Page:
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Who are your clients and who you should really be working with?

No matter how amazing you are as a lawyer you're market isn't going to be comprised on an endless stream of clients, each with a legal problem that you can fix. Instead your market is going to be limited. These limitations are based on a number of factors including your particular area of expertise, your geographic location and willingness to travel and the amount of money that you want to charge for your services. In order to hone in on exactly who makes up your market you will need to consider these three components in-depth.

1) What is your area of expertise?

Consider what type of law you specialize in. Is it a highly specialized field or something more general?

This will be the first way in which your market begins to limit itself. If you're working as a patent lawyer then clients looking to settle custody disputes or heading to small claims court because of an accident aren't the clients you're looking for.

2) Where are you located?

Are you in a big city or a small town? Are you willing to travel outside of this area to get clients? You're market is about more than who you serve, it's about the area that you're providing legal services in as well.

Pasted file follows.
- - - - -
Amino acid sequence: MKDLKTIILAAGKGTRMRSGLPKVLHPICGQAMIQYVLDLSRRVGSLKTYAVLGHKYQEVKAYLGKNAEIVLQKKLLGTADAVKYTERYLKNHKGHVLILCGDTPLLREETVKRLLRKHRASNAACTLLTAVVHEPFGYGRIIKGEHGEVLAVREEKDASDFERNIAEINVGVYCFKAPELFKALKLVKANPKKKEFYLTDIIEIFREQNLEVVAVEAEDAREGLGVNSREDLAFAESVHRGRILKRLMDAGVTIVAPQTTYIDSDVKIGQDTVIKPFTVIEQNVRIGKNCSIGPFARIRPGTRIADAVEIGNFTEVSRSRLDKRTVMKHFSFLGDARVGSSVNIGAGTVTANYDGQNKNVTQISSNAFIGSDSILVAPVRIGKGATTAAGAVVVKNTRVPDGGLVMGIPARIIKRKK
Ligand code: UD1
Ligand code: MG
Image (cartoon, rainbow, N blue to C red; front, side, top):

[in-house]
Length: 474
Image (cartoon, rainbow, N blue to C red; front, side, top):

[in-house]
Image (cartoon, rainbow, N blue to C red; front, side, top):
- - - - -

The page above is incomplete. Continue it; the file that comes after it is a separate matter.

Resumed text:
You also need to figure out whether you fit into the area you have chosen (or stand out in a way that's amazing). If you dont, you may want to consider whether you're willing to work elsewhere.

3) What are your fees?

Do you offer free consultations? Do you accept deferred payments? Are you willing to work pro bono?

Your market will partially be determined by the prices that your charge for your services. If you charge for consultations and have a high hourly fee, your clients are not going to be the same types of clients that are looking for services that are less expensive.

By asking yourself these questions, and being honest about all of the possible answers you will be able to best identify the market that you're truly meant to work in.